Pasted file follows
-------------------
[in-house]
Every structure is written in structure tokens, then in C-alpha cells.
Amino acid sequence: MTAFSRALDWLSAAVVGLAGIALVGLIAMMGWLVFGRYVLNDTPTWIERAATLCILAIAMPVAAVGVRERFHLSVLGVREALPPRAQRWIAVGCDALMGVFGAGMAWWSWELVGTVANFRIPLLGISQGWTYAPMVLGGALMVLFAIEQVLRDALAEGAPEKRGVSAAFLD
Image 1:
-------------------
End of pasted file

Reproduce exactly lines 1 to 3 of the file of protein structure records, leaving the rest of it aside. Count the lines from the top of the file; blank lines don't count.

[in-house]
Every structure is written in structure tokens, then in C-alpha cells.
Amino acid sequence: MTAFSRALDWLSAAVVGLAGIALVGLIAMMGWLVFGRYVLNDTPTWIERAATLCILAIAMPVAAVGVRERFHLSVLGVREALPPRAQRWIAVGCDALMGVFGAGMAWWSWELVGTVANFRIPLLGISQGWTYAPMVLGGALMVLFAIEQVLRDALAEGAPEKRGVSAAFLD